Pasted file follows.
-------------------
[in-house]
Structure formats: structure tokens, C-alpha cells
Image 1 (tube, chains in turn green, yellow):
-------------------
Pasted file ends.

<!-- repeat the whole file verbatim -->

[in-house]
Structure formats: structure tokens, C-alpha cells
Image 1 (tube, chains in turn green, yellow):